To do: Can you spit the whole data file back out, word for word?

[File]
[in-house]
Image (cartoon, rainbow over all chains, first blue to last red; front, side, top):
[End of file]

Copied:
[in-house]
Image (cartoon, rainbow over all chains, first blue to last red; front, side, top):